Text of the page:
machine embroidery, machine embroidery designs, in the hoop, christmas , holly

Christmas Wreath and Tree

The Christmas wreath is often seen on doors and used as decorations around Christmas starting from pagan roots. Before the spread of Christianity these wreaths were a symbol in the wintertime as they had strength and unity. This symbolism was particular important in winter to enable those facing the hazards of cold weather to show strength.  The circle of the wreath is a symbol of eternal life a strong message at Christmas time. According to legends the pine trees used as Christmas trees signify the trinity of Creator, Son and Holy Spirit with the triangular outline.

 machine embroidery, machine embroidery designs, in the hoop, christmas , holly

Holly (Ilex aquifolium)

History finds that holly grew around footsteps of Jesus Christ and the thorny leaves and red berries symbolise the blood shed from Jesus on the cross. Holly is known as ‘Christ’s Thorn’ in northern European countries.  The sharp leaves are a representation of the crown of thorns Jesus wore as he was crucified.  The bright red berries of the holly plant are a symbol of the drops of blood shed from Jesus. Therefore Holly is and still is a very strong Christian symbol of Christmas and Sweet Pea has made lots of beautiful Christmas designs featuring Holly.

Holly and Christmas Trees in our ‘in the hoop’ machine embroidery designs

http://swpea.com/search?q=christmas

The Colouring in Craze for Embroidery, an Anti-Stress Remedy.

machine embroidery design, machine embroidery designs, in the hoop, colour in

 

Simply sitting and clearing your mind can be relaxing, away from today’s technology and fast paced environment. Sometimes we just need an escape to relax our mind and wind down. We already know embroidery is our escape from reality and Sweet Pea has made it possible to use colouring as another perfect way to escape reality.  The hypnotic and calming craze is the perfect way to distract the brain.  The sense of satisfaction you feel after creating a beautiful original design can have a positive effect on the rest of your day.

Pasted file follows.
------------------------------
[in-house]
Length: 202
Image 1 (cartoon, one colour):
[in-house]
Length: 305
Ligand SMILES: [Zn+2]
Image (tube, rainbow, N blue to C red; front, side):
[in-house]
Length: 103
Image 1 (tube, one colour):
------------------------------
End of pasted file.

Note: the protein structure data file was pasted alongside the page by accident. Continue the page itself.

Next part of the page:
Engaging our hands and our mind as we focus on colouring in between the lines is new and delightful. Join the kids and grandkids for a day of fun helping each other create a fun new project. We found that studies suggest adults 65 and over who are creative had better health overall as they required fewer visits to the doctor and had fewer health concerns than non-crafters. Furthermore, studies suggest rhythmic activities such as colouring, knitting, crocheting or quilting are beneficial as they provide a meditative state allowing you to forget about any worries or stress.  So why not combine our love of embroidery, quilting and sewing and dive into the creative anti-stress craze of colouring.

As we’ve known for many years kids love colouring in and they also benefit greatly from colouring at an early age. Colouring in improves motor skills, hand-eye coordination, and better handwriting that prepare them for school. Kids that colour when they’re young get creative, colour awareness and self-expression that can benefit them for the rest of their life.

Instead of buying a colouring in book why not personalise something unique that you can enjoy for years to come.  Instead of walking through aisles and aisles of fabric and not finding the perfect colours for you this is the way to create your own designs or even create a new fun activity for the kids and grandkids.  Sweet Pea has expanded this colouring in craze to benefit you and your design freedom. Here are some or our best-selling colouring in designs.

Perfect for Adults and Children

http://swpea.com/search?q=colouring